6 16.7 ummar of LEFM 16.8 Values of C for ome Metals Elastic analsis, based on the assumption of elastic behavior at the crack tip (I.e. no large-scale plastic deformations occur), shows that the conditions for crack propagation are controlled b the magnitude of the elastic stress intensit factor Material C, MPa m, MPa where β β = β πa = 0 depends on the geometr of the component and crack. Aluminum It has been found experimentall that a pre-existing crack will propagate when the stress intensit factor reaches a critical value called the fracture toughness C Titanium Ti-6AL-4V < C C Crack will not propagate Crack will propagate Ti-6AL-4V teel The factor of safet for a given stress intensit factor is: C N = /8/00 ME111 Lecture /8/00 ME111 Lecture ME111 Lecture 16 6

7 Example 16.1 A steel ship deck is 30 mm thick, 12 m wide and 20 m long and has a fracture toughness of C = 28.3 MPa.m 1/2. If a 65 mm long central transverse crack is discovered, calculate the nominal tensile stress that will cause catastrophic failure. Compare the stress found to the ield strength of = 240 MPa. First compute the stress intensit factor: a/b = = 0.005, h/ b = = From, Fig. 5-19, we find β = 1 (essentiall an infinite plate) 0 For failure we have: 3 = β πa = ( 1.0)( )( π ( )) 3 = C ( = 1.0)( )( π ( )) = = 88.6 MPa 3 π ( ) The uniaxial stress that will cause ielding is given b We note that = 240 = = 240MPa (fracture occurs well before ielding) 11/8/00 ME111 Lecture Example 16.2 A plate of width 1.4 m and length 2.8 m is required to support atensile load of 4 MN (in the long direction). Inspection procedures are capable of detecting through-thickness edge cracks larger than 2.7 mm. The two titanium allos in the table on page are being considered for this application. For a factor of safet of N = 1.3 against ielding and fracture, which one of the two allos will give the lightest weight solution? We start b determining thickness based on ielding: P / wt N = = t = PN w For the weaker allo (call it allo A) 6 PN ( 4 10 )(1.3) 910 t = = = 4.08mm = = = 700MPa w (1,400)(910) N 1.3 For the stronger allo (call it allo B) 6 PN ( 4 10 )(1.3) 1035 t = = = 3.59mm = = = 796MPa w (1,400)(1035) N 1.3 We now find the thickness to prevent crack growth (see Fig. 5-22): h = b 2.8/2 = 1, 1.4 a b = 2.7 = ,400 11/8/00 ME111 Lecture β = 3 = β0 = β πa = ( 1.1) π ( ) = We also have, N = C C = = = N N C so that, 0 = 1.1 ME111 Lecture 16 7

8 For the weaker allo (allo A) C 115 = = = MPa N (0.1013)(1.3) 6 P 4 10 t = = = 3. 27mm w (1,400)(873.3) For the stronger allo (allo B) ummar: C 55 = = = MPa N (0.1013)(1.3) 6 P 4 10 t = = = 6. 84mm w (1,400)(417.6) Weak allo (A): Yielding Fracture trong allo (B): Yielding Fracture t = 4.08 mm = 700 MPa t = 3.27mm = MPa t = 3.59mm = 796MPa t = 6.84 mm = 418 MPa Best design solution: use weak allo (A) with governed b ielding t = Fracture toughness limits design mm Example 16.3 A long rectangular plate has a width of 100 mm, thickness of 5 mm and an axial load of 50 kn. If the plate is made of aluminum 2014-T651, ( C = 24MPa m ) what is the critical crack length for failure (N = 1)? β = / C 2a 50kN 2 b = 100 mm a /b At the critical crack length, C = = β πa But β depends on a / b, making a direct calculation of a impossible. 50, = β (100)(5) β Using Fig. 5-21: or a = meters! π a a = 0.04, a / b = 0.8, β = 1.85, β a = 0.37 a = 0.01, a / b = 0.2, β = 1.02, β a = M a = 0.015, a / b = 0.3, β = 1.06, β a = 0.13 Critical crack length a = 15 mm. 11/8/00 ME111 Lecture /8/00 ME111 Lecture ME111 Lecture 16 8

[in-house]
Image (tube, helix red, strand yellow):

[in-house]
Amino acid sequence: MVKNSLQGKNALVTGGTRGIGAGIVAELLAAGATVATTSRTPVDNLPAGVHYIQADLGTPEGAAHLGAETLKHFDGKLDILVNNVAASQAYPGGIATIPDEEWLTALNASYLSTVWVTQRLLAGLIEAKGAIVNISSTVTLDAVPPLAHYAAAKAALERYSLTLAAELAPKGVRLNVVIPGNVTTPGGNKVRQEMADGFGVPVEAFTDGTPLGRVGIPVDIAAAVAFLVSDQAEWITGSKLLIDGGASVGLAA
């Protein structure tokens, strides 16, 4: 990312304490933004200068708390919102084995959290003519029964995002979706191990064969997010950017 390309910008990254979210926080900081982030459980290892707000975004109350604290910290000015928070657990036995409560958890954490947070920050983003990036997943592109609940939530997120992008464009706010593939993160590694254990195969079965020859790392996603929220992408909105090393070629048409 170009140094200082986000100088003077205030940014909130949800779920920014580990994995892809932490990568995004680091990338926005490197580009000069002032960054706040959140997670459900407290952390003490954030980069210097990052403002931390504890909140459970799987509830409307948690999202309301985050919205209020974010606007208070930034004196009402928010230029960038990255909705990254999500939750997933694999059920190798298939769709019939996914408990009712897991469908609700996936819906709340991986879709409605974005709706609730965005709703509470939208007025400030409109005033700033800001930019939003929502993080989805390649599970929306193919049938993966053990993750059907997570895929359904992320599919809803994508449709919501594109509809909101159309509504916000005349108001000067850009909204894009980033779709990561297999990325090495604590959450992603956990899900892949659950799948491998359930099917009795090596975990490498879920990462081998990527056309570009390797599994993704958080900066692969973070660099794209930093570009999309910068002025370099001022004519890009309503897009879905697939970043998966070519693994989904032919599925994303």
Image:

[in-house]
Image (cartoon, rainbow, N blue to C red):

9 Example 16.4 For the proceeding problem, what is the factor of safet against fracture for a crack of length10 mm which is: (a) Centered in the plate (b) On the edge of the plate (a) Determine the stress intensit factor from Fig. 5-21: 16.9 Effects of mall cale Yielding at the Crack Tip tress are predicted to become infinite near the crack tip according to LEFM. For ductile materials, stresses are limited b local ielding in the vicinit of the crack tip. a = 5 mm, a / b = 0.1, β = ,000 = β πa = ( 1.02) 0.01π = 18. 1MPa (100)(5) m stress based on elasticit calculate the factor of safet: 24 = C N = = r ielded, redistribu ted stress (b) Determine the stress intensit factor from Fig. 5-22: r a = 10 mm, a / b = 0.1, β = 1.02 Which is the same as (a) N = 1.33 crack tip plasticzone x 11/8/00 ME111 Lecture /8/00 ME111 Lecture ME111 Lecture 16 9

10 The size of the plastic zone can be investigated as follows: It ma be shown that 1 r = 2π tress redistribution accompanies plastic ielding and causes the plastic zone to to extend approximatel 2r 1 = π 2 2 ahead of the real crack tip to satisf equilibrium conditions (see figure on previous page). To account for this, we think of the plastic zone as providing a virtual crack tip extension to a new effectivecrack size: a eff We observe that: = a + 2r 1 = a + π = β πa eff 2 the use of which now requires an iterative solution because β depends on a eff. Concluding Remarks: In man problems, the plastic zone is ver small and can be neglected in determining the stress intensit factor. However, when the stress intensit factor approaches the fracture toughness value, the plastic zone correction becomes significant and should be investigated. If the plastic zone size becomes large relative to the crack size the accurac of LEFM becomes questionable, and an elastic-plastic fracture mechanics approach should be considered. 11/8/00 ME111 Lecture /8/00 ME111 Lecture ME111 Lecture 16 10

11 Example 16.5 A long rectangular plate has a width of 100 mm, thickness of 5 mm and an axial load of 50 kn. If the plate is made of titanium Ti-6AL-4V, ( = 910 MPa, C = 115 MPa m ) what is the factor of safet against crack growth for a crack of length a = 20 mm. 2a 175 kn We wish to compute the stress intensit factor so that we can evaluate: Now N C =, = β πa eff Example 16.6 The round bar of aluminum 2024-T851 has a sharp notch around its circumference. Assume: Find: = 455 MPa, C = MPa (a) The size of the plastic zone at the crack tip. (b) The fracture load. P m 2 b = 100 mm i+ 1 = β a eff ( a eff 175,000 ) (100)(5) 1 = a + π 2 i π a eff 30 mm a = 2 mm 11/8/00 ME111 Lecture /8/00 ME111 Lecture ME111 Lecture 16 11

12 Example 16.7 For the steel beam shown, a crack of length a = 0.25 in will be detectable. Find the beam thickness to provide a factor of safet N = 2, (a) ignoring the plastic zone at the crack tip, (b) taking the plastic zone into account. Take: = 220 kpsi, C = 55 kpsi in 5 lb 5 lb 1.5 in 6 in 15 in 6 in 11/8/00 ME111 Lecture ME111 Lecture 16 12